Scientists are creating stunning models of what the sun will look like during an eclipse
Scientists are creating stunning models of what the sun will look like during an eclipse

When the moon blocks the sun and day turns to night on April 8, the sky will take on an otherworldly appearance for those in the path of totality — the roughly 115-mile-wide strip from Texas to Maine. The stars will emerge from their midday slumber, the horizon in all directions will be bathed in peachy twilight, and—impressively—the sun’s corona will glisten behind the pitch-black silhouette of the moon.

The corona is the outermost part of the Sun’s atmosphere that Earth’s inhabitants can only see during a total solar eclipse. Its appearance is constantly evolving due to the sun’s ever-changing magnetic field and is different during each solar eclipse. But April 8 will be especially stunning, according to a recently released simulation from Predictive Science, a San Diego-based company that develops computer models of the sun and whose work supports a number of NASA missions.

The simulation reveals a dramatic starburst-like pattern with multiple large bulges, including at 7 o’clock, 10 o’clock, and 2 o’clock. Closer to the solar disk, several contour features are also visible.

Predictive Science has a history of successful eclipse predictions. But this eclipse will be harder to predict than normal. This is because the current 11-year solar cycle is near its peak, or maximum, when the sun’s magnetic field is at its most chaotic.

The behavior of this magnetic field is important because it distorts the plasma, or glowing superheated gas, that makes up the corona. This glowing plasma tracks the sun’s magnetic field.

“The magnetic flux on the sun near solar maximum changes a lot,” John Linker, president of Predictive Science, said in an interview. “We used to be able to do a month in advance [prediction] and then another forecast a week in advance. But right now the sun is very dynamic, which makes it very challenging. This year we’re doing something more ambitious as it’s a model that evolves over time.”

Despite the challenges in forecasting, Bob Leaman, a NASA researcher focused on solar physics, said he expects it to be the most spectacular corona in existence.

During eclipses, the corona tends to be least interesting during solar minimum, when the sun may remain without sunspots for days or weeks. Sunspots are regions of increased magnetism on the sun; the absence of sunspots means an undetectable magnetic field and a fairly simple corona. At the sun’s north and south poles, “polar jets” of plasma follow the magnetic field lines from or into the sun, but there aren’t many contours, bulges, or notable features.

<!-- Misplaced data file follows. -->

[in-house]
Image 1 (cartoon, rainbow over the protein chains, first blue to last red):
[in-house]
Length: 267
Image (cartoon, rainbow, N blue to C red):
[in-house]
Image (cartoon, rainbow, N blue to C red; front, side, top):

This was the case in 2019 during a total eclipse in Chile:

But with solar maximum slated for sometime in mid-2024, scientists expect the most dynamic corona possible.

“The greater the solar activity, the more spikes are around from the sun,” Leamon said. “I think it’s going to be really cool.”

On April 20 last year a brief total solar eclipse gave a 1 minute 2 second total blackout to areas near Learmonth on the most north-western cape of Australia. Notice how much more dynamic the corona was compared to the 2019 eclipse:

There are even more reasons why the April 8 crown has the potential to be quite special. Two large sunspot clusters could distort the corona into even more spectacular shapes.

Of particular interest is the rebirth of AR3590 (AR stands for Active Region), a sunspot cluster that produced a trio of top-class X-class flares in late February. It can spin from the far side of the sun back into view, which can produce bulges or large bands and loops of magnetism.

Besides bulges, there’s a chance we’ll catch a glimpse of a dramatic solar phenomenon known as a coronal mass ejection, or CME. It is an eruptive burst of plasma and magnetism from a sunspot. CMEs can interact with Earth’s magnetic field and produce auroras for our viewing pleasure (but they usually take at least a day or two before bombarding our magnetic field).

“With flares and flares, there’s a very real possibility that we’ll see a CME come out on the side of the sun,” Leamon said. “That would be absolutely awesome.”

During the eclipse, ground-based observers will only see a CME phase within a few minutes, such as the ejection of some material from the sun. The entire eruption will last an hour or more, which can be observed by stitching together multiple images taken by humans or scientific instruments along the path of totality.

“You can see a big bubble coming out of the sun,” Linker said. “I think even in the last few eclipses there were small CMEs and there are drawings in the past where people would sketch that bubble.” Some of those drawings date back to the 1870s.

If one starts just before the aggregate, he hopes that his time-evolving model will catch it and predict its behavior – and what it will look like.

Predictive Science plans to continually update its corona predictions as more data becomes available leading up to the eclipse. They can be accessed here.

By admin

Leave a Reply

Your email address will not be published. Required fields are marked *